That’s not something Kashani and former World Market Center partner Shawn Samson had to consider in the early 2000s when they began developing the Las Vegas market center complex. Kashani, Samson and other investors broke ground on the first nearly 1.3-million-square-foot WMC building in late 2003 and opened for business in July 2005.

World Market Center initially was considered by many as a threat to the High Point Market; now VMC is challenging the concept and practicality of physical markets altogether — or, at least, multiple physical markets.

It’s been about 10 years since Kashani was connected to WMC, but his earlier involvement did inform his development strategy for VMC.

“One of my concerns has always been the limited use of a physical market center and a tradeshow,” he told HNN.  “You have companies there that are showing for three days, four days. We all know markets are short or overlapping each other, and maybe there are too many of them. And they’re expensive and time-consuming and overwhelming.”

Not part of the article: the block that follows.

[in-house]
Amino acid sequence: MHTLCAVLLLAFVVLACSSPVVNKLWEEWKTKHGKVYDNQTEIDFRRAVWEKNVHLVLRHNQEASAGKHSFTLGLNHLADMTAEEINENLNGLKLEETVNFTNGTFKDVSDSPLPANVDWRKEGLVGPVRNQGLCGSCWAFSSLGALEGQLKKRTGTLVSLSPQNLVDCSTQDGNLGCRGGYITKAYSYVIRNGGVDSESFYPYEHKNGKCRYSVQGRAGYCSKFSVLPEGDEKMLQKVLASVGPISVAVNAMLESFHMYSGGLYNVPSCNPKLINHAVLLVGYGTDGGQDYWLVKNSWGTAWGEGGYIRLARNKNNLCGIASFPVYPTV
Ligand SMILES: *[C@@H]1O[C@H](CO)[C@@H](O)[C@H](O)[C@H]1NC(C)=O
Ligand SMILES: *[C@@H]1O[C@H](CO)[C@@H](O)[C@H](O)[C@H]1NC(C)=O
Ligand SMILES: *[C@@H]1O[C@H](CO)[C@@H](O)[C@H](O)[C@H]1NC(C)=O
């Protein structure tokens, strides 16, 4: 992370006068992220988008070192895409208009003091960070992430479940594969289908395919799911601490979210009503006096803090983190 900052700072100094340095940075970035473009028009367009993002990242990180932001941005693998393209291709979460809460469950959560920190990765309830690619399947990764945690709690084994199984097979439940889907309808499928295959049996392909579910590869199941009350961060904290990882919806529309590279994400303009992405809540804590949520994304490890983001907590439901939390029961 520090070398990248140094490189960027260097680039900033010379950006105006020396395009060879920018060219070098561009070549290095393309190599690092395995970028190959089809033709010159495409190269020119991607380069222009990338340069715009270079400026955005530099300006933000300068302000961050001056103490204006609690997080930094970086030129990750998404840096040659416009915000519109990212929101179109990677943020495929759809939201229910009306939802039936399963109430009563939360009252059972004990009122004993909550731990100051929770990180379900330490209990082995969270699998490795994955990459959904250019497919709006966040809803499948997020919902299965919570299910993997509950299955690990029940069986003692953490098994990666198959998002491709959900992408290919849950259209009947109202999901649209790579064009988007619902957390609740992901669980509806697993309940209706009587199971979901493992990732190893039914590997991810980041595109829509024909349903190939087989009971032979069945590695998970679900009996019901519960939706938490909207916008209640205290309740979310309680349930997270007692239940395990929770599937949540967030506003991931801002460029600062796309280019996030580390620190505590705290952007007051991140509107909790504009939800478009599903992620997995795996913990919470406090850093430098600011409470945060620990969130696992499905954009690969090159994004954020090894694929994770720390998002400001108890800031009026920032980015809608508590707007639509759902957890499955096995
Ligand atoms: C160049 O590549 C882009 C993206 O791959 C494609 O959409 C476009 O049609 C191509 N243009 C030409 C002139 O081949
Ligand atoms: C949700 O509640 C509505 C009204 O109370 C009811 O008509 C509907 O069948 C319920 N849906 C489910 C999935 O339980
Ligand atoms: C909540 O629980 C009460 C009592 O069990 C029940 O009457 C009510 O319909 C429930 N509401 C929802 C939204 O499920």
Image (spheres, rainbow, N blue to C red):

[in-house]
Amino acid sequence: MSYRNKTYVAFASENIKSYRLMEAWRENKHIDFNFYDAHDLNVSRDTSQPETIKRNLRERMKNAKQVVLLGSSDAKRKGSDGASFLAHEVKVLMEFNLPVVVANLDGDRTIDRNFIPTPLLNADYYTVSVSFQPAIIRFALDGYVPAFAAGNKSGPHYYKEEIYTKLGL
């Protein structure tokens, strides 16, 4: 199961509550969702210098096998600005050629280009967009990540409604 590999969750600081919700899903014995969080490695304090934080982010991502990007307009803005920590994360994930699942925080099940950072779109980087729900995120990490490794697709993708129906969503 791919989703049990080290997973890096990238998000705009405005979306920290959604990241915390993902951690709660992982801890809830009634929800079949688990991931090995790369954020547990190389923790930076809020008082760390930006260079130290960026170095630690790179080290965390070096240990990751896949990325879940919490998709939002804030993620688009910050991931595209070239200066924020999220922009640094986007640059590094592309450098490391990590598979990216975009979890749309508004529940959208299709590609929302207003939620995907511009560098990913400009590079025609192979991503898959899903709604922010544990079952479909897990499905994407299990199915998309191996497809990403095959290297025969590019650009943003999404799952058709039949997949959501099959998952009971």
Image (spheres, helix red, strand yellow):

Kashani said he was thinking about all these concerns during his WMC days, “and it has helped in designing this project in a way to overcome some of those issues that a tradeshow or physical market center may have.”

Asked if a supplier would even need a physical showroom to have a VMC virtual showroom, he said, “I believe this could definitely replace the need for having any physical showroom.” But for now, with most suppliers exhibiting somewhere and usually operating multiple showrooms, the key advantage is, “They may now have less need to attend too many markets or too many tradeshows.”